A Closer Look at Engineering Fees & Other Costs

Unlike some wire harness manufacturers out there, Meridian does not typically charge for Non-recurring engineering (NRE) cost. So what are NRE costs? Typically, NRE costs will be a one-time cost for research and development (R&D) in order to design and test a brand new product for viability. At Meridian, we don’t charge a separate fee for something that should be inherent to a quality wire harness fabrication from the get-go. 

Starting Your Custom Wire Harness Project with a Knowledgeable Guide

Once the detailed project documentation is created and passed on to the design team to carry out, each process will follow a few familiar steps as it heads into production. Steps a meticulous custom wire harness fabrication process should follow include:

Review the Design. Rinse. Repeat. Okay so we’re not shampooing the wire harness but there absolutely needs to be a comprehensive review of the design in order to ensure integrity, safety, and functionality. When a client receives their custom design, the wire harness has to work as designed. Period. Our clients include those in telecommunications, medical and health technology, the military, automotive, and so many other vital industries that there simply isn’t room for error. That’s why the design review stage is so critical to overall project success. The process, parts, tools needed, and even personnel requirements will all be recalculated to ensure everything is correct and ready to be implemented.

Preparing the Materials. Logistics plays a really crucial role in the overall success of the project as sourcing materials needs to be as exact as the design itself. By using just-in-time (JIT) ordering techniques to minimize delays, our wire harness engineers are able to get quality components, right when they’re needed. We typically only use UL-certified wires and cables or are able to produce our own as a UL-approved manufacturing facility. 

Documenting the Assembly Process. While the materials are being sourced, your wiring harness engineers will be hard at work making sure the assembly documentation needed for manufacturing is complete and accurate. Meticulous assembly step-by-step instructions, complete with detailed images, illustrations, CAD drawings, and the final testing procedure will all be laid out. The physical assembly panel will also be readied and the pegs inserted in their required positions, as specified by the wire harness engineer’s design.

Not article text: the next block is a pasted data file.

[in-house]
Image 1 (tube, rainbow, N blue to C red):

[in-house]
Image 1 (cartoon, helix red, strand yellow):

Producing a One-of-a-Kind Wiring Harness. It is actually quite rare for a wire harness to go from design to volume manufacturing without first going through a prototyping stage. This allows our team the chance to review processes like the materials sourcing plan we outlined above and to test how different processes work in concert. By having a few different versions that each arrive at the same conclusion, our team is able to choose the most cost-effective and efficient means to produce the best iteration of the project. Our skilled production team will work to cut the right length of wires and lay the framework on the completed assembly panel, as specified in the design. This is when all of the connectors, terminations, wire bundling, and labeling is completed. With over 5,000 existing tools, connections, and terminations at our disposal, our gifted designers can put together the perfect amalgamation, perfectly suited for the requirements of the project.

Quality Assurance & Quality Control (QAQC). As we went through above, testing is a piece of the production process that arguably gets the most action. We test the final product to make sure it is absolutely in line with the specifications put forth by the client and detailed by the engineer’s design. We’ll make sure the wiring harness is performing as it’s required to, given the environmental factors it will face in situ. 

Given that each of these steps has a thousand tiny steps in between, orchestrating such a detailed operation takes a lot of knowledge, skill, and experience. The wire harness engineers of Meridian are some of the very best in their field because of the incredible diversity of projects we’ve been able to undertake. From highly complex industrial control systems to sophisticated aircraft controls, our team has the capability to design and produce the perfect wire harness to maintain system continuity.

Talking Over a Custom Wire Harness Design with a Wire Harness Engineer

When you’re ready for the precision and professionalism needed to complete your wire harness design on-time, on-budget, and to your exact specifications, a professional wire harness engineer is indispensable. Our streamlined process ensures your project is completed in a safe but efficient manner. Schedule a meeting with our team now to go over all of your project’s needs and to get the process started.